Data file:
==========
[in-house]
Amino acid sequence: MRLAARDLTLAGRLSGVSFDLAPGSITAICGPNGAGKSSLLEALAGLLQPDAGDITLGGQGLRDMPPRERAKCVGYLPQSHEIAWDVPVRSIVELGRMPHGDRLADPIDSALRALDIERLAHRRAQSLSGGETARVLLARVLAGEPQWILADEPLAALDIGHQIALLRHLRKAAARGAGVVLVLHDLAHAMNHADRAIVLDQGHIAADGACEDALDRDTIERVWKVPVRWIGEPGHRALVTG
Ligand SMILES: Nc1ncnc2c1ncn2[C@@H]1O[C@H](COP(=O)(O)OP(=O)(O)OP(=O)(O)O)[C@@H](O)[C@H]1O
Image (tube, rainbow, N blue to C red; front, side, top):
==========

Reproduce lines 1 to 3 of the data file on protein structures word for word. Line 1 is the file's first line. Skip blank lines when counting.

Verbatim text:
[in-house]
Amino acid sequence: MRLAARDLTLAGRLSGVSFDLAPGSITAICGPNGAGKSSLLEALAGLLQPDAGDITLGGQGLRDMPPRERAKCVGYLPQSHEIAWDVPVRSIVELGRMPHGDRLADPIDSALRALDIERLAHRRAQSLSGGETARVLLARVLAGEPQWILADEPLAALDIGHQIALLRHLRKAAARGAGVVLVLHDLAHAMNHADRAIVLDQGHIAADGACEDALDRDTIERVWKVPVRWIGEPGHRALVTG
Ligand SMILES: Nc1ncnc2c1ncn2[C@@H]1O[C@H](COP(=O)(O)OP(=O)(O)OP(=O)(O)O)[C@@H](O)[C@H]1O